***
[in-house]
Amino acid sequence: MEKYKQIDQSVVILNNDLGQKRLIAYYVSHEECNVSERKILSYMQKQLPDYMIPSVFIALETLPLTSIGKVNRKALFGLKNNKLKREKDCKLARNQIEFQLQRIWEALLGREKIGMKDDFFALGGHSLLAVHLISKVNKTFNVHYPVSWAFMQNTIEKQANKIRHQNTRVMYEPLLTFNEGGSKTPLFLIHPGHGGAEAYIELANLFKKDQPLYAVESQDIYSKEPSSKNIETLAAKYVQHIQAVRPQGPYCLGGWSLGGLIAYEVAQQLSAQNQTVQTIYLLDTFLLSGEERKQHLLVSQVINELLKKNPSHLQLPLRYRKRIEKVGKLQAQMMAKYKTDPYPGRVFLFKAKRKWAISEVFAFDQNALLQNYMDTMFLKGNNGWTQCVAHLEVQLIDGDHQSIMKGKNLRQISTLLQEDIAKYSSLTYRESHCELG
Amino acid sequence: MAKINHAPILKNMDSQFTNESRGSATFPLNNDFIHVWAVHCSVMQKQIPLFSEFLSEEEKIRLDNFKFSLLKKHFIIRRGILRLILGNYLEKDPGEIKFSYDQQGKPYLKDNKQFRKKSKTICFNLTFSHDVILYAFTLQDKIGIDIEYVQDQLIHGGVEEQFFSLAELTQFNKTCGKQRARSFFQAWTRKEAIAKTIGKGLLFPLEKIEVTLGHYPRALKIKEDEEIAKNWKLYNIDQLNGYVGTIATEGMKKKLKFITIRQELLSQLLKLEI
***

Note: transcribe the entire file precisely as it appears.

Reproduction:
[in-house]
Amino acid sequence: MEKYKQIDQSVVILNNDLGQKRLIAYYVSHEECNVSERKILSYMQKQLPDYMIPSVFIALETLPLTSIGKVNRKALFGLKNNKLKREKDCKLARNQIEFQLQRIWEALLGREKIGMKDDFFALGGHSLLAVHLISKVNKTFNVHYPVSWAFMQNTIEKQANKIRHQNTRVMYEPLLTFNEGGSKTPLFLIHPGHGGAEAYIELANLFKKDQPLYAVESQDIYSKEPSSKNIETLAAKYVQHIQAVRPQGPYCLGGWSLGGLIAYEVAQQLSAQNQTVQTIYLLDTFLLSGEERKQHLLVSQVINELLKKNPSHLQLPLRYRKRIEKVGKLQAQMMAKYKTDPYPGRVFLFKAKRKWAISEVFAFDQNALLQNYMDTMFLKGNNGWTQCVAHLEVQLIDGDHQSIMKGKNLRQISTLLQEDIAKYSSLTYRESHCELG
Amino acid sequence: MAKINHAPILKNMDSQFTNESRGSATFPLNNDFIHVWAVHCSVMQKQIPLFSEFLSEEEKIRLDNFKFSLLKKHFIIRRGILRLILGNYLEKDPGEIKFSYDQQGKPYLKDNKQFRKKSKTICFNLTFSHDVILYAFTLQDKIGIDIEYVQDQLIHGGVEEQFFSLAELTQFNKTCGKQRARSFFQAWTRKEAIAKTIGKGLLFPLEKIEVTLGHYPRALKIKEDEEIAKNWKLYNIDQLNGYVGTIATEGMKKKLKFITIRQELLSQLLKLEI